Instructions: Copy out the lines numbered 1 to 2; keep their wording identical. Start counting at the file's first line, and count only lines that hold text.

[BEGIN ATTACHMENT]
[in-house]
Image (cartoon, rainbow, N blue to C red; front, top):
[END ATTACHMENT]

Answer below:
[in-house]
Image (cartoon, rainbow, N blue to C red; front, top):